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Purdue scientists working to make drought resistant crops

Purdue Extension > Extension Disaster Education Network > Purdue scientists working to make drought resistant crops
 

 Purdue scientists working to make drought-resistant crops

 
 

Purdue Extension & EDEN - IN Drought. Drought related information & resources

Click to visit Purdue Extensions Consumer and Home Owner Drought Information page 
Click to visit Purdue Extensions Consumer and Home Owner Drought Information Archives page 
Click to visit Purdue Extensions Consumer and Home Owner Drought Information Video Archives page 

Indiana Drought Monitor

The U.S. Drought Monitor is a partnership between the National Drought Mitigation Center, United States Department of Agriculture, and National Oceanic and Atmospheric Administration. Map courtesy of NDMC-UNL.

Purdue Extension Resources

Education Store Drought-Related Publications lists educational materials that focus on drought topics available from Purdue Extension — most are free

Ag and Natural Resources
Drought Information

Ag Answers news website covers production agriculture issues, including drought for Indiana and Ohio

Purdue Animal Sciences Drought Information provides links to drought-related publications, videos, and other resources for livestock producers

Chat 'n Chew Cafe: Corny News Network: Crops and Drought compiles links to drought-related articles, publications, and weather information for crop farmers

Drought and Legal Implications of Forward Cash Contacts (PDF) provides producers with details regarding forward cash contracts

Family Finances provides tips for managing a sudden loss of family income brought on by drought or other factors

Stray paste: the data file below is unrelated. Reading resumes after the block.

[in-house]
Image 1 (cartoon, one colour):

Filing a Crop Insurance Claim: An Overview for Producers (PDF) covers basic information about preparing crop insurance claims

Got Nature consists of blog postings from Purdue's Department of Forestry and Natural Resources, including information about the drought

How to File a Crop Insurance Claim (PDF) summarizes the crop insurance claims process for farmers

Income Enhancement Strategies for Farmers provides ideas for generating additional farm income during difficult times

Indiana Farmstead Assessment: Drinking Water Well addresses water well maintenance, testing, and troubleshooting

Managing in Times of Financial Stress offers tips for managing farm finances during difficult times, such as drought

Pest & Crop Newsletter — Special Drought Issue provides agronomic, plant disease, and pest drought tips

Weekly Outlook Newsletter updates the drought's economic impact in Indiana and Illinois

Responding to Financial Stress What are the Options? (PDF) lists strategic steps to handle reduced income due to drought

Strategies for Dealing with Ag Lenders offers tips that prepare you to talk with agricultural lenders

Weekly Yield Estimate compares expected drought-reduced yields from Indiana and U.S., updated every Monday by 5 p.m.

Indiana Resources

Burn Ban Map provides real-time updates of the burn ban status for all Indiana counties

Dry Weather provides dry weather and fire safety tips, plus updates on burn bans across Indiana

Extreme Heat highlights what to do during extreme heat to protect yourself from heat-related illness

Fireworks Safety details firework laws and safety tips, and lists Indiana counties with active firework restrictions

Food Safety During Power Outages (ISDH) (PDF) offers ways to store food during power outages and how to identify hazardous foods

Indiana Department of Homeland Security provides public safety information and tips for Indiana residents

Indiana DNR: Licensed Water Well Drilling Contractors provides a list of water well drilling contractors who are licensed in Indiana

Indiana State Climate Office provides current and historical weather observations recorded throughout Indiana

 

This page provides Purdue Extension resources about the drought specifically for agricultural producers.